Remember to keep the steering out of the sun for as much as possible. You might have to redo the tape ever so often but should do the trick and last a while.

If the DIY fix is not your thing, then your next option is refurbishing the steering wheel or replacing it completely. This will require you to remove the wheel completely. Let’s investigate.

Replacing the Steering Wheel Cover

This can be a tricky option since many of the available covers either look ghastly, tacky, or too thick. It can be hard to find the right one for your taste. I remember shopping around for one and settling on a plain black vinyl one. It looked cool but the vinyl caused my hands to sweat like crazy on long road trips. I ended up buying a new Napa leather cover which looks good and feels amazing too.

Try and find a cover that looks and feels as close to the original as possible.

If you decide to refurbish or replace the steering wheel instead, there are a few things you need to know, so read the next section and make sure you understand the procedure.

Steering Wheel Removal

Before you remove the steering, you need to disable your airbag. Follow the below guidelines.

  • Disconnect and secure the negative battery terminal.
  • Wait 2 minutes for the airbag capacitor to discharge before proceeding
  • Failure to do this will result in the airbag deploying and causing injury

Steering Removal Procedure

  • Disable and remove the driver’s side airbag.
  • Remove the steering wheel bolt
  • Remove the wheel slowly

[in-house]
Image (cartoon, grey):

NOTE: Do not reuse the old steering wheel bolt (a new bolt must be used)

  • Install steering wheel to the column
  • Install the new steering wheel bolt

NOTE: Be certain that the steering wheel mounting bolt is tightened to the proper torque specification to ensure proper clockspring operation.


Jeep Wrangler Sunshield

Purchase Meguiar’s Vinyl and Rubber Cleaner here

Purchase Star Brite Ultimate Vinyl Cleaner here

Purchase 303 Aerospace Ultimate UV Protection here

Purchase Elite Jeep Steering wheel covers here

Purchase a Fancy Jeep Steering Wheel cover here

Jeep Wrangler Leather WheelSkins Steering Cover

Purchase a Jeep CJ YJ Steering Wheel replacement


Try to avoid using harsh cleaning agents on your steering and dashboard. Avoid parking in areas where the vehicle will be exposed to the harsh UV rays of the sun for prolonged periods. If you can’t avoid exposure to the sun, invest in a windshield cover that deflects the heat away.

Jade C.

4-Wheel drives and off-road driving techniques has been my passion for over 20 years. Here we strive to provide the most accurate, up-to-date, information about the functionality, common faults and latest technology built into most 4 Wheel Drives.